Review: Three Dots and a Dash
435 N. Clark St. 312-610-4220
Rating: 4 (out of four) Already hot
Back in 2011 when hotshot bartender Paul McGee still helmed The Whistler, the Logan Square bar threw its first tiki-themed party. Ironically, the bash fell on the same night as the epic snowpocalypse that steamrolled the city with 70-mph winds and blew the sign off The Whistler's façade—but no matter. Enthusiastic crowds still showed up in leis and Hawaiian shirts, and the party planted an idea in McGee's mind: One day, he would have his own tiki bar.
Two-plus years and a career move later, McGee opened Three Dots and a Dash in River North at the end of July with partners R.J., Jerrod and Molly Melman of Lettuce Entertain You. Partially in the style of West Coast bars such as Trader Vic's, which had a Chicago location for decades, and the city's own now-closed Kon-Tiki Ports, McGee embraces all the kitsch and fun of the tiki style while pointing to contemporary revivals in cities such as New York and San Francisco.
"It's hard to go over the top with tiki," McGee said. "The fun of tiki is that you expect it to be over the top." At Three Dots, that means jewel-toned lanterns, ukuleles on the walls and plenty of custom-made, totem-shaped mugs. But there's always one thing that's serious, McGee adds, and it's the drinks. Ready for rum and a yacht rock soundtrack, I followed the torches through the alley behind Bub City and descended some eerily blue-lit stairs to Mr. McGee's lair.
These aren't your grandma's cruise ship daiquiris
In fact, the menu is refreshingly free of frozen slushies, pre-mixed red nonsense and other saccharine-loaded crimes against the tropics. Cozy up to these real warm-weather cocktails (all $13), half of which are based on historic recipes from the great tiki bars of yore such as Trader Vic's and Don the Beachcomber. McGee—who sometimes circles the room charming tables—first directed me to the namesake Three Dots and a Dash cocktail, which began with a honey sweetness before sailing me into a rum-soaked sunset on a raft made of pineapple. (I think my eyes may have rolled back in my head a bit.) For my second round, I chose from the right half of the menu, which lists modern cocktails based on McGee's original recipes and riffs on classic styles. The Painkiller No. 3, a milky combination of Bajan and Jamaican rums plus coconut liqueur, passionfruit juice and cream, tasted like tropical eggnog—and I mean that in the best way possible. Though the descriptions of these two cocktails weren't accompanied by an adorable skull icon (which designates "drinks of impressive strength"), I had consumed four types of rum in the span of an hour and felt my head begin to buzz like a Maui mosquito. I stole a final sip of my date's A Lonely Island Lost in the Middle of a Foggy Sea—one of those "impressive strength" offerings made with aged rhum agricole and black strap rum, plus cold-brew coffee—hoping the caffeine would help shake off the rum-induced drowsiness.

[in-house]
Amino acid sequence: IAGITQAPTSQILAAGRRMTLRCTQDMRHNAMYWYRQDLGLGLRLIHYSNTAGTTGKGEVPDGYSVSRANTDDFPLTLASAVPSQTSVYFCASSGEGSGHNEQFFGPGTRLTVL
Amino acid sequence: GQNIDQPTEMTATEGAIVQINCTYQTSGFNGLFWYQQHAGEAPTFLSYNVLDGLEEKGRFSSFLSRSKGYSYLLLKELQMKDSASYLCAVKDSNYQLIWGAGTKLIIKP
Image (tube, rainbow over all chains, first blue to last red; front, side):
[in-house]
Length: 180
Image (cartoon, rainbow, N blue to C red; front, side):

Bring your friends
Unlike McGee's former digs at The Whistler, Three Dots actually has room for large groups. Scoot your friends into one of the massive leather booths that line the perimeter and zero in on the "For Sharing" section of the menu. If your eyes haven't adjusted to the dim basement lighting, don't fear—the menu is the size of a newspaper, and it has pictures, which makes group decision-making easier. You'll have your choice of three punches ($50-$385, serving between three and 12 people), the most expensive of which arrives in a dry ice-filled treasure chest with a bottle of Dom Perignon—because why not? Though they weren't sipping any of the punches, the table nearest to me certainly was in high spirits. When one woman, a dead ringer for Heidi Montag, shouted "Dude, it's so dark in here, I sat down with the wrong people!" I wasn't sure that it was completely the lighting's fault. Another choice overheard snippet: "Spraaang breeeak y'all!"
There will be snacks
It's not wise to knock back multiple tiki drinks on an empty stomach; thankfully, Three Dots' small food menu isn't an afterthought. Fresh-from-the-fryer crab rangoon envelopes ($11) shatter upon biting and reveal a creamy, not-too-fishy crustacean filling. Coconut shrimp ($13) aren't the fist-sized monsters you'd find elsewhere; they arrive as piping hot curlicues primed for dipping in one of the four sauces. I liked them best with a housemade sweet chili sauce that I wish I could take home by the quart.
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